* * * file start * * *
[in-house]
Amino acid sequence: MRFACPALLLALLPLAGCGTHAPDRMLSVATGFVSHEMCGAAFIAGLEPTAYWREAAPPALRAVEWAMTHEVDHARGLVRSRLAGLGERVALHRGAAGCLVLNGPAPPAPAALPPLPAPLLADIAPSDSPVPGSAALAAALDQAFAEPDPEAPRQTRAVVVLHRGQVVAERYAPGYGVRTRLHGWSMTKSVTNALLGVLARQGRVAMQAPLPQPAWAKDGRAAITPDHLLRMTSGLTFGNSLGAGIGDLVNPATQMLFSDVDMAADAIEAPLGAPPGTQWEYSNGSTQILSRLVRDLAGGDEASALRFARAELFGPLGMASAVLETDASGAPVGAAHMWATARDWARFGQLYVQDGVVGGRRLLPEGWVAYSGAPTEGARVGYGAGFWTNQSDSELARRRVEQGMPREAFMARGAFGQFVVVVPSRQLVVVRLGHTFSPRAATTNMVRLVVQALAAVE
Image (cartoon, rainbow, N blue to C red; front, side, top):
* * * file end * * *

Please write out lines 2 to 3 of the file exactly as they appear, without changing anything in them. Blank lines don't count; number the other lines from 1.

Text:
Amino acid sequence: MRFACPALLLALLPLAGCGTHAPDRMLSVATGFVSHEMCGAAFIAGLEPTAYWREAAPPALRAVEWAMTHEVDHARGLVRSRLAGLGERVALHRGAAGCLVLNGPAPPAPAALPPLPAPLLADIAPSDSPVPGSAALAAALDQAFAEPDPEAPRQTRAVVVLHRGQVVAERYAPGYGVRTRLHGWSMTKSVTNALLGVLARQGRVAMQAPLPQPAWAKDGRAAITPDHLLRMTSGLTFGNSLGAGIGDLVNPATQMLFSDVDMAADAIEAPLGAPPGTQWEYSNGSTQILSRLVRDLAGGDEASALRFARAELFGPLGMASAVLETDASGAPVGAAHMWATARDWARFGQLYVQDGVVGGRRLLPEGWVAYSGAPTEGARVGYGAGFWTNQSDSELARRRVEQGMPREAFMARGAFGQFVVVVPSRQLVVVRLGHTFSPRAATTNMVRLVVQALAAVE
Image (cartoon, rainbow, N blue to C red; front, side, top):